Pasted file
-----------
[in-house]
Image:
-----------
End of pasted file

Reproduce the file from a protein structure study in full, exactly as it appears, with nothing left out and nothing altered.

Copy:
[in-house]
Image: